By Rachel Newdorf

Peeps aren’t just Easter candy. Every Spring in the D.C. Metro area they get transformed into art.

For the past six years, The Washington Post has held a contest using the beloved marshmallow Easter candy. Popular culture, historical events and local phenomena are transformed into creative dioramas featuring the sugary and marshmallow-y treat in the most creative ways.

But The Washington Post isn’t the only one with Peep fever. The Honor’s College at George Mason University has held its own annual Peep Diorama Contest for the past two years.

“I thought it was the coolest thing in the world,” says David Anderson, the Living and Learning Community Coordinator in the Honor’s College at GMU, who  loved the Post’s annual contest and decided back in 2011 to bring the contest here to Mason.

This year’s contest asked the students to create a diorama including their favorite scene from a movie, television show, book or historical event. Characters had to be made out of Peeps, but students could manipulate them in any way needed to make their diorama as close to the real thing as possible.

Unlike the Post’s contest, Peeps were given to students who signed up for the contest.

“We wanted to provide the peeps for those students who didn’t have the transportation to go out and get them themselves,” says Anderson, 30.

But, they didn’t have to spend much of their candy budget —  last year, there was only one entry, “Kill Peep.”

This year, there were three entries: “Tarzan of the Ape-eeps” by Mary Wells, “Peep Trek,” by Natalie Losik, and “The Peeps of Being a Wallflower,” by Caroline Kim.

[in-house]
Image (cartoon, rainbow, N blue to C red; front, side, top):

Kim, a 20-year-old junior majoring in both History and English found out about the contest through the Honor’s program weekly e-mails to students.

She decided to re-create the most popular scene from her favorite movie “The Perks of Being a Wallflower,” when the three best friends, Charlie, Sam and Patrick are driving under the Fort Pitt Tunnel after homecoming and Sam’s dress is inflated by the wind.

It took her a couple of days to craft the peeps, clay, poster paper, acrylic and construction paper into her diorama.

“The Honor’s College thought Sam and her dress were a potato sack,” says Kim, from Annandale. “I enjoyed it and would do it again.”

Natalie Losik, 22, from Hampton, Va., didn’t have time to enter the contest last year, but with this year’s deadline, March 30, being so close to spring break, it gave her an opportunity to work on her diorama “Peep Trek.”

Working on it a bit everyday during the break, Losik made a shoebox look like the bridge of the Star Trek Enterprise. She used foam core, toothpicks and wooden skewers to hold the Peeps up.

Using the original “Star Trek” television series as her inspiration, the senior majoring in Global Affairs,  got her idea after polling her family and friends over Facebook.

Mary Wells, a freshman from Stafford, Va., used real plants and rocks, Peeps, paint and an old t-shirt for the Peep’s clothing — and created her Tarzan diorama in only two days.

“After getting the Disney song from the Tarzan movie stuck in my head, I thought it would be fun to create it with peeps,” says Wells, 18, an English and Theater double major. She plans to enter next year, too.

To see the dioramas in person, go to Enterprise Room 302.

Peep Trek

Wallflower Peep

tarzan peeps